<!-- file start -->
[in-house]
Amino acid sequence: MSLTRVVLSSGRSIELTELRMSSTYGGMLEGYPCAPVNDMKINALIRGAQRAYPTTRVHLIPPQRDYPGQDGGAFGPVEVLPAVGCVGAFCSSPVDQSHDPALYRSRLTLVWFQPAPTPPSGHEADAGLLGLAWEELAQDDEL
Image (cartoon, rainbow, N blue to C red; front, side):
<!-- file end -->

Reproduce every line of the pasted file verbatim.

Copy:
[in-house]
Amino acid sequence: MSLTRVVLSSGRSIELTELRMSSTYGGMLEGYPCAPVNDMKINALIRGAQRAYPTTRVHLIPPQRDYPGQDGGAFGPVEVLPAVGCVGAFCSSPVDQSHDPALYRSRLTLVWFQPAPTPPSGHEADAGLLGLAWEELAQDDEL
Image (cartoon, rainbow, N blue to C red; front, side):